Who are you? We’re N*w*a*t*e (1)

Alan_sims_and_son1

Newcastle fans, let it be said once and once only, stretch from the sublime (Rachel Unthank) to the ridiculous (led by Tony Blair and Mike Ashley but in truth too numerous, or even Toon umerous, to mention). The jury is out on where Alan Sims* fits in the spectrum. The Alan I remember was a young reporter in Bishop Auckland with a weakness for payday beer, pinball machines and dreadful, Marmalade-style pop music. I overlooked the fact that he was a Mag in those days because I thought his allegiance might reflect a mental condition best not talked about, and he seemed otherwise a harmless enough character. He’s also gone on to greater things so probably wasn’t mad after all. Just misguided. But who better to invite to preview this Sunday’s big game from the “other end”? He did so at such great length that I have belatedly decided to split his epic. which may be published eventually as Wor & P*ss, into two parts. See his answers to Salut! Sunderland’s questions at Who are you? We’re N*w*a*t*e (2)

I was born a Newcastle United supporter. There was no element of choice.

My home town of Birtley is divided between Magpies and Mackems and there is no sitting on the fence. You know who you are and you know the enemy.

Apparently when I was a kid just learning to talk I used to get a ball and instead of asking to play football would ask my dad: “Can we play Jackie Milburns.” That’s how entrenched it was – and thank God for that!

The thought that but for a quirk of birth I could so easily have been aSunderland fan sends a shiver through me, just as sight of the Stadium of (Sh) Light does now. Whenever I drive past I feel the sort of tremor that
peasants in Hammer horror movies show when they glance up at Dracula’s Castle. I can hear the distant howl of a wolf, see dark clouds scudding over the sky, sense the faint flicker of bats’ wings on the battlements.

At least that’s how I felt until earlier this year when I joined the great and glorious Toon Army to march onto Mackem territory for the derby match.

I was one of a few thousand warriors who dared to venture across the A19 in a convoy of 50 coaches. I felt like a commando going on a glorious mission, one where failure was unthinkable.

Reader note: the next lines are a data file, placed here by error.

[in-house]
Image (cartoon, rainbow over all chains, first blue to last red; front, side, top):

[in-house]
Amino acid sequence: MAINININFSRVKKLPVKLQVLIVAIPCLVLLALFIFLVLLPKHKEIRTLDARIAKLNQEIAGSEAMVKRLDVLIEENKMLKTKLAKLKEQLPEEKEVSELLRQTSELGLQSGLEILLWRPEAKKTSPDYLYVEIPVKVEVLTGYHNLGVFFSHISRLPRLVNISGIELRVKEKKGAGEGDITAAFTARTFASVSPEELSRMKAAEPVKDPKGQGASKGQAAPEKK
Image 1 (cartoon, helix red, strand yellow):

The day started particularly well when we gathered at Shearer’s Bar (tribute to a living legend) at St James’ on the cold, wet morning of the game – only to see Mike Ashley, big belly pushing his black and white shirt forward, and Christ Mort, in usual suit, standing at a table with a pint of lager each. Then we clambered on our buses ready for battle.

A bobby came on board and read us the Riot Act. “The hordes are gathering,
they have banners proclaiming ‘Welcome to Hell’ slung across walkways over
the road. Do not react. Do not get violent. Do not even leave the bus until
we tell you to or you WILL be locked up. We want this to be a good day …
now go and STUFF’EM lads’.”

Policing at its best!

So we headed off with helicopters juddering above, with motorbikes and police vans ahead, behind and alongside. We were waved off through the friendly streets of Newcastle and Gateshead by office girls, pedestrians, grannies and kids, and with Good Luck posters in windows. The deeper we moved into enemy territory the more the animosity grew. Groups on overhead walkways, where we expected bricks to be hurled. They weren’t, but plenty of insults and hand gestures came our way.

At the ground we were shepherded and corraled, with horseback guards, overhead copters, loud hailers keeping us in check, and the general feeling that a sniper’s bullet waited around the corner. Then we were milling towards the Stadium. Up close it looked nothing like Drac’s Castle and I relaxed. Insults flew but little else. As Brendan Behan would have said: “Compliments pass when the quality meet.”

Inside the ground the Mackems opened one hatch with one beer pump to service 2,500 of us. I got right to the bar, within touching distance of a cool beer, then had to abandon it and run for my seat. First blood to
Sunderland.

Suffice to say a draw saved our flagging spirits in a game Sunderland should have won. But we had the final laugh when Keane sent out some lads to run round the pitch afterwards, while we were still penned in an
otherwise empty stadium, and we at least had the pleasure of torturing and tormenting them from the terraces. “You’re shite and you know you are”, along with other intellectually-stimulating comments.